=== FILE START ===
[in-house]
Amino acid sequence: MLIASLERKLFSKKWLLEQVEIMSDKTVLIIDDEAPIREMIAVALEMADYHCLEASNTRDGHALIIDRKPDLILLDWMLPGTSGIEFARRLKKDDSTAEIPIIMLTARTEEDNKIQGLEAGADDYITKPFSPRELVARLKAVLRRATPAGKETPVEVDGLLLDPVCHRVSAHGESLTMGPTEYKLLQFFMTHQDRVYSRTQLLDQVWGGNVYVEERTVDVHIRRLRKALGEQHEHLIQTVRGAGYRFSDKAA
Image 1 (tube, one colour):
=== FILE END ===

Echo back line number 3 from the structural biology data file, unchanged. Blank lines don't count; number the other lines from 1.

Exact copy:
Image 1 (tube, one colour):